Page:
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And be not like those who forgot Allah , so He made them forget themselves. (The Noble Quran 59:19)

As-Asalamu-Alaikum.

“Clap! Clap!” He yells over the crowd in Urdu as they give him that and more. “Do you want to take my picture?” Cooing and screaming as if at a rock concert the audience is roaring around us as we regard each other with stunned silence. Alas, this was not a rock concert or an awards show; this is at Muslim Fest, which took place in Mississauga about two weekends ago.

We stand towards the back of a crowd of men, women and children swaying and cheering along as Pakistani singer Junaid Jamshed belts out one of his popular nasheeds while riling the crowd up to scream and clap until they’re blue in the face. For those who are unclear, a nasheed is a song/poem that is recited to Praise Allah; illustrate our love of the Prophets (AS) and to glorify Islam. When a nasheed is heard one should reflect and keep silent, one should definitely not clap or scream over the recitation and thereafter. The behavior that we experienced exhibited at this event was exactly the reason why many scholars have begun to frown upon nasheed recitation in general. A sad state we are in indeed.

If that wasn’t enough, it was heartbreaking to watch the sun set while the music played on without any regard for the fact that we were Muslims at Muslim Fest and it was time for Maghrib prayers (a friend said As’r prayer was also called late). When a few voices out of thousands were raised to organizers the call to prayer was called by none other than Jamshed, but by then it was too late and in darkness people began to scramble towards the washrooms for wudu or the designated place to pray finally coming out of their Jamshed induced stupor (I have heard this is a regularly occurring phenomenon). I watched as folks prayed here and there not finding any real places and all I could think about was what Allah was thinking of us at that moment.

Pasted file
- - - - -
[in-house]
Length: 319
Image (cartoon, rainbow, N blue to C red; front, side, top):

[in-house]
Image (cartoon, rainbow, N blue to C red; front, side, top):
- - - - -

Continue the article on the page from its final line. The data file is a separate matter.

In this wide-open space, in this gorgeous location, a congressional prayer could have easily taken place. I imagine it and it gives me goosebumps. The Mercy and Grace of Allah would have descended on that congregation and the beauty of our unity would have brought awe and appreciation from all around us. We could have made Du’a to the only One we can ask for aide together for relief from the pain and suffering we as an Ummah are going through throughout the world. While we are being humiliated in other parts of the world, here we stood to humiliate ourselves in front of Allah. Like I said, heartbreaking.

Junaid Jamshed, who spoke Urdu throughout his show, actually illustrated our situation quite clearly by asking our nationalities and then speaking/singing a few words in each of our languages. This is the way we are. We have these walls up around us and no one can breach them. We pray in our little groups (even Jamshed prayed in a small group as seen above) and not as a whole. We shrug off people who don’t look the same as us or speak the same as us. We become enraged with some over mundane things such as the price of a headscarf, yet show kindness and respect towards others who we see more worthy of our patience.